The Secret to a Great ASO Strategy is Optimizing for People
Growing your app's audience organically requires having a good App Store Optimization strategy. Traditional App Store Optimization techniques, which revolve around keyword optimization, are meant to improve where your app ranks in search results to give you more exposure. But exposure doesn't always translate into actual downloads. That's why your ASO strategy has to go further and also optimize for people.
To turn exposure into downloads you'll need to optimize how you present your app in the app store. In this guide we'll go over everything you can do to optimize your app store presence and improve your download conversion on both the App Store as well as Google Play.
Turning Exposure into a Download
Providing your traditional ASO is working well, your app will start appearing in search results for your chosen keywords. To turn a high search rank into a download you need to stand out in the result list.
In the result list, users can see several apps and for each they see the icon, name, sub-title, and screenshots. These are the first things to optimize to get a user to choose your app over the others.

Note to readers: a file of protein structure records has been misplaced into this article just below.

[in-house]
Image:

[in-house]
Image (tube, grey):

Optimize Your App's Icon
Your app's icon takes up a good amount of visual space in the search results list. It is one of the biggest opportunities you have to catch the user's attention and draw their eye to your app. Improve your chances of getting the user's attention by designing an icon that's simple, has relevant and not-too-abstract graphics, and use colors that are different than your competitors.
If most of your competitors use a similar color for their icon you should use a completely different color to stand out.
Optimize Your App's Name
Now that you've got the user's attention with your icon you need to quickly describe what the app can do for them. Unless you're a well-known brand, your name won't stand out on its own. This is where having a descriptive and concise app name comes in handy. Optimize your app's name by using its name as well as a very short (3-5 words) sentence describing its primary function. For example, the name LittleWeather should be optimized to LittleWeather: Weather Forecast and Alerts.